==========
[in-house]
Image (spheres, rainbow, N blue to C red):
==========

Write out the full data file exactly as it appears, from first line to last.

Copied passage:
[in-house]
Image (spheres, rainbow, N blue to C red):